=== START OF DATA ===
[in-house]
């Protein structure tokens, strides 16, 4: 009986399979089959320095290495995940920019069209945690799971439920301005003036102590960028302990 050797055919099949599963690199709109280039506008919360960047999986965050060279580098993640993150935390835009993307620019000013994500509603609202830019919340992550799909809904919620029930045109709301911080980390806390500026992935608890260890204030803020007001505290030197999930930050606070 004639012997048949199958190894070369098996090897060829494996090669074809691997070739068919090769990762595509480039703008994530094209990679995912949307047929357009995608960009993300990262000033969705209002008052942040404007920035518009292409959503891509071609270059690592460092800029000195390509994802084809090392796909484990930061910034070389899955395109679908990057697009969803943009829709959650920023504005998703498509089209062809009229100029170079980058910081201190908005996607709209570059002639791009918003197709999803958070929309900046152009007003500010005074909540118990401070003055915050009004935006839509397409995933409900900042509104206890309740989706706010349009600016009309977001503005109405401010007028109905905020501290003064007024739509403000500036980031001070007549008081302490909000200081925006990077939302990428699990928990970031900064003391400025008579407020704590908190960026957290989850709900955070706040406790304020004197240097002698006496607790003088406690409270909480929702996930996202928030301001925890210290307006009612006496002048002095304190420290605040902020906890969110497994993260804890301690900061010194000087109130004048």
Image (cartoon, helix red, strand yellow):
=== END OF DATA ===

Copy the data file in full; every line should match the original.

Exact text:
[in-house]
């Protein structure tokens, strides 16, 4: 009986399979089959320095290495995940920019069209945690799971439920301005003036102590960028302990 050797055919099949599963690199709109280039506008919360960047999986965050060279580098993640993150935390835009993307620019000013994500509603609202830019919340992550799909809904919620029930045109709301911080980390806390500026992935608890260890204030803020007001505290030197999930930050606070 004639012997048949199958190894070369098996090897060829494996090669074809691997070739068919090769990762595509480039703008994530094209990679995912949307047929357009995608960009993300990262000033969705209002008052942040404007920035518009292409959503891509071609270059690592460092800029000195390509994802084809090392796909484990930061910034070389899955395109679908990057697009969803943009829709959650920023504005998703498509089209062809009229100029170079980058910081201190908005996607709209570059002639791009918003197709999803958070929309900046152009007003500010005074909540118990401070003055915050009004935006839509397409995933409900900042509104206890309740989706706010349009600016009309977001503005109405401010007028109905905020501290003064007024739509403000500036980031001070007549008081302490909000200081925006990077939302990428699990928990970031900064003391400025008579407020704590908190960026957290989850709900955070706040406790304020004197240097002698006496607790003088406690409270909480929702996930996202928030301001925890210290307006009612006496002048002095304190420290605040902020906890969110497994993260804890301690900061010194000087109130004048």
Image (cartoon, helix red, strand yellow):